'Also, while you can't sit and listen to a crap jazz record – if the musicians weren't good it would sound terrible – you can listen to c***p rock records and get a lot from them because the level of musicianship doesn't really matter. There are other ways of being creative. And pretty soon I found that, by me playing my guitar through effects – at that time there were not really a lot of effects out so I was just cannibalising things and making my own things – and I just started to make this sort of noise that was really just kind of... you know… I just bypassed having to learn how to play Eagles songs. I was lucky in that I was just taking that noise and making it pretty.'


Studio Habit
Guthrie's patent sound may have influenced a whole movement in the 1990s but it continues to thrive in the most unlikely of places. Genius film-maker David Lynch, for instance, genuflects to Guthrie's talent. In fact he was desperate to use This Mortal Coil's version of the Tim Buckley classic 'Song To The Siren' in his movie Blue Velvet.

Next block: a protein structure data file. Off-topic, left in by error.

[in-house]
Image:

This Mortal Coil were the Cocteaus playing on a concept album conceived by Ivo Watts-Russell, their label boss, but Lynch couldn't afford the track at the time. A few years later, with bigger bucks at his disposal, he slipped it into his Lost Highway. And in the meantime, he began to carve out an alternative career to his movies, making star-dusty tracks which owe pretty much everything to the Cocteaus.


Guthrie, meanwhile, grew obsessed, spending every waking hour in the studio, and sleeping there as well. He became a 24/7 mixing-desk addict, a habit which contributed to the wreckage of his relationship with Fraser and the death of the Cocteaus. During that period he did his Guthrie thing to a phalanx of indie aspirants including The Wolfgang Press, Dif Juz, The Gun Club, old pal Edwyn Collins, A R Kane and Chapterhouse. He also fashioned tracks for Ian McCulloch and Guy Chadwick and collaborated richly with avant-garde composer, poet and pianist Harold Budd.